[19th Indian Division was] literally led by their dynamic commander, Pete Rees, known to his British troops as the 'Pocket Napoleon'… What he lacked in inches he made up by the miles he advanced...he was an inspiring divisional commander. The only criticism I made was to point out that the best huntsmen did not invariably ride ahead of their hounds.[19]

After World War II[edit]

From 1945 to 1947 Rees commanded the Indian 4th Infantry Division and from August to September 1947, he commanded the neutral Punjab Boundary Force tasked to maintain law and order in the Punjab which was to be divided during the transfer of power to India and Pakistan. The force was too small to control such a large area, particularly since the police forces either disintegrated or became polarised. Despite the Boundary Force's best efforts full-scale riots and massacres took place. The scrupulous neutrality shown by Rees's force brought serious criticism from the politicians of both sides and it was disbanded in early September 1947, two weeks after independence.[20] Rees has also been criticised for refusing to heed the advice of "Military Advisors" and "Alternate Military Advisors" from the Indian and Pakistani sides on the grounds that they were junior to him.[21]:106–107

Promoted to the permanent rank of major-general in 1947,[22] Rees took the job as head of the Military Committee of the Indian Emergency Cabinet until he retired from the army in 1948.[23]

He was appointed a Deputy Lieutenant for Monmouthshire on 15 January 1955.

Army career[edit]

Personal[edit]

Rees was married in 1926 to Agatha Rosalie Innes, only daughter of Sir Charles Alexander Innes (1874–1959), a career India Civil Service officer and Governor of Burma from 1927–1932. They had one son, the Cabinet Minister Peter Wyford Innes Rees Rees (later Lord Rees), and one daughter.

John Masters noted in one of his autobiographies (The Road Past Mandalay) that Pete Rees was an abstinent (he "spoke softly, never swore, never drank, did not smoke." but also, "always wore a small kind smile"). According to Masters, Rees was a polyglot and spoke English, Welsh, "Urdu, Marathi, Pushtu, Burmese, and Tamil. Now he asked me to teach him Gurkhali, and soon he knew enough to cause a look of startled pleasure to cross many a stolid Gurung face." Masters also said of Rees that he had a "rare, personal gentleness and unfailing good manners".[39]

References[edit]

Footnotes[edit]

  1. ^ The London Gazette: (Supplement) no. 37161. p. 3491. 3 July 1945. Retrieved 4 August 2008.
  2. ^ a b The London Gazette: (Supplement) no. 33675. p. 7. 30 December 1930. Retrieved 4 August 2008.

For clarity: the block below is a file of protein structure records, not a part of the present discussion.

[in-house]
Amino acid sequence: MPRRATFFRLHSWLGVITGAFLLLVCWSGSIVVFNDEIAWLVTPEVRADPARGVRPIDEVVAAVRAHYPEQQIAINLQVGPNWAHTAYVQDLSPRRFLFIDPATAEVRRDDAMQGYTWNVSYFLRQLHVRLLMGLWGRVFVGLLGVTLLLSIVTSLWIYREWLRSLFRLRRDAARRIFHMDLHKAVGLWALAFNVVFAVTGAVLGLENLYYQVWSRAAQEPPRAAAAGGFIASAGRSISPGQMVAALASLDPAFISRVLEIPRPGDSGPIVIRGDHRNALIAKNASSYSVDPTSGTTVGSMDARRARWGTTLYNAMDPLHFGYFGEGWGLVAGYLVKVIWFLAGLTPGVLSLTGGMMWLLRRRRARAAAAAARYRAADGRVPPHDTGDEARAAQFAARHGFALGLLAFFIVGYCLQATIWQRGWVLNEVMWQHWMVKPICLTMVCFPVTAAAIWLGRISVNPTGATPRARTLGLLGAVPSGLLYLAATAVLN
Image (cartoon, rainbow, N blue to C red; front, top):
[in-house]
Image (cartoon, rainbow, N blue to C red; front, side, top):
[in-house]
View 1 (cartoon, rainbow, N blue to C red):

3. ^ The London Gazette: (Supplement) no. 31183. p. 2365. 14 February 1919. Retrieved 4 August 2008.
  4. ^ The London Gazette: (Supplement) no. 35209. p. 3883. 4 July 1941. Retrieved 4 August 2008.
  5. ^ a b The London Gazette: (Supplement) no. 30915. p. 11306. 24 September 1918. Retrieved 8 November 2012.
  6. ^ The London Gazette: (Supplement) no. 35396. p. 7354. 26 December 1941. Retrieved 4 August 2008.
  7. ^ The London Gazette: (Supplement) no. 36065. p. 2863. 22 June 1943. Retrieved 4 August 2008.
  8. ^ The London Gazette: (Supplement) no. 37558. p. 2218. 7 May 1946. Retrieved 8 November 2012.
  9. ^ The London Gazette: (Supplement) no. 39347. p. 5115. 28 September 1951. Retrieved 4 August 2008.
  10. ^ The London Gazette: no. 40391. p. 512. 25 January 1955. Retrieved 4 August 2008.
  11. ^ a b The London Gazette: no. 29483. pp. 1960–1961. 22 February 1916. Retrieved 29 September 2008.
  12. ^ a b Jeffreys, Alan (September 2011), "Rees, Thomas Wynford (1898–1959)", Oxford Dictionary of National Biography, Oxford University Press 
  13. ^ The London Gazette: no. 30267. p. 9153. 4 September 1917.
  14. ^ The London Gazette: (Supplement) no. 31480. p. 9682. 29 July 1919. Retrieved 4 August 2008.
  15. ^ The London Gazette: no. 34462. p. 7737. 10 December 1937. Retrieved 7 November 2012.
  16. ^ a b Mead (2007), p. 372
  17. ^ a b c Mead (2007), p. 373
  18. ^ The London Gazette: (Supplement) no. 35550. p. 2021. 5 May 1942. Retrieved 8 November 2012.
  19. ^ Slim 1972, p. 390.
  20. ^ Mead (2007), pp. 374–375
  21. ^ Khanduri, Chandra B. (2006). Thimayya: an amazing life. New Delhi: Knowledge World. p. 394. ISBN 978-81-87966-36-4. Retrieved 30 July 2010. 
  22. ^ The London Gazette: (Supplement) no. 38134. p. 5636. 25 November 1947. Retrieved 8 November 2012.
  23. ^ Mead (2007), p.375
  24. ^ The London Gazette: no. 29588. p. 4985. 19 May 1916. Retrieved 4 August 2008.
  25. ^ The London Gazette: no. 32806. p. 2078. 16 March 1922. Retrieved 4 August 2008.
  26. ^ The London Gazette: no. 33087. p. 6207. 25 September 1925. Retrieved 4 August 2008.
  27. ^ The London Gazette: no. 33214. p. 6755. 22 October 1926. Retrieved 4 August 2008.
  28. ^ The London Gazette: no. 33200. p. 5910. 10 September 1926. Retrieved 4 August 2008.
  29. ^ The London Gazette: no. 33626. p. 4503. 18 July 1930. Retrieved 4 August 2008.
  30. ^ The London Gazette: no. 33964. p. 5049. 28 July 1933. Retrieved 4 August 2008.
  31. ^ The London Gazette: no. 34007. p. 8319. 22 December 1933. Retrieved 29 September 2008.
  32. ^ The London Gazette: no. 34112. p. 7929. 7 December 1934. Retrieved 4 August 2008.
  33. ^ The London Gazette: no. 34140. p. 1636. 8 March 1935. Retrieved 4 August 2008.
  34. ^ The London Gazette: no. 34264. p. 1661. 13 March 1936. Retrieved 4 August 2008.
  35. ^ a b The London Gazette: no. 34385. p. 8184. 23 December 1938. Retrieved 29 September 2008.
  36. ^ The London Gazette: no. 34462. p. 7737. 10 December 1937. Retrieved 29 September 2008.
  37. ^ The London Gazette: no. 34582. p. 8184. 23 December 1938. Retrieved 4 August 2008.
  38. ^ The London Gazette: (Supplement) no. 36112. p. 3427. 27 July 1943. Retrieved 8 November 2012.
  39. ^ Masters, John (1961). The Road Past Mandalay. pp. 285–288. 

External links[edit]